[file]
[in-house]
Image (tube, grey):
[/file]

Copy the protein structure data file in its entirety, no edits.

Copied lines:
[in-house]
Image (tube, grey):